Despite the recent progress made in the immunisation of children in recent years, only 36 per cent of children in Nigeria have received their complete dose, the United Nations International Children’s Emergency Fund disclosed.
UNICEF further stated that the Northwest part of the country has been identified as one of the zones that recorded very low records with only 25 per cent of the children in the zone having completed their dose.
The head, the UNICEF field office in Sokoto, Dr Maryam Said, stated this on Saturday while delivering her goodwill message at a two-day media dialogue on routine immunisation and the zero dose campaign in the UNICEF field office states at Sokoto.
Represented by the Health manager, the UNICEF field office in Sokoto, Dr Shamina Sharmin, Said said, that according to the National Immunization Coverage Survey (NICS) 2021, Nigeria has made progress in immunisation, with national Routine Immunisation coverage of children receiving all three doses of the pentavalent vaccine at 57 per cent but the Completeness of Routine Immunisation coverage is 36 per cent! For northwest Nigeria, the figure is only 25 per cent”.
“The recent data from UNICEF’s flagship report, the State of the World Children’s Report (SOWC) 2023, lists Nigeria as one of the countries with highest Zero Dose children – a reference to children who didn’t receive a single dose of antigens they should have taken at their age to give them protection from vaccine-preventable diseases.
According to the report, “Out of the 67 million children who missed routine vaccination between 2019 and 2022, 48 million didn’t receive a single regular vaccine. As of the end of 2021, India and Nigeria had the most significant numbers of zero-dose children.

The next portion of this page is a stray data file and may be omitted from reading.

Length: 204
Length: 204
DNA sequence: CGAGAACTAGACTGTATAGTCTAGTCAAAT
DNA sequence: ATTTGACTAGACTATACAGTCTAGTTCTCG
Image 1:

“We all know that COVID-19 pandemic exacerbated the situation as it interrupted childhood vaccination almost everywhere, mainly due to intense demands on healthcare systems, the diversion of immunisation resources to COVID-19 vaccination, health worker shortages, and stay-at-home measures.
“Today, vaccines are estimated to be one of the most cost-effective means of advancing global welfare. Our director of Public health already mentioned how vaccines work and act as a protective shield for the children against deadly diseases. Despite these longstanding benefits, low immunisation levels persist.
“In recent years, the World Health Organization declared vaccine hesitancy a top threat to public health. While vaccine hesitancy is as old as vaccination itself, the nature of the challenge continues to shift with the social landscape.
“Vaccine hesitancy and the misinformation it fuels are crucial drivers of under-vaccination across the globe. Disseminating accurate information and allaying the spread of misinformation is essential to ensuring every child is protected with life-saving vaccines”
She assured that UNICEF is committed to providing caregivers and communities with fact-based information on vaccines, through community-level engagement and building partnerships, UNICEF works to build trust.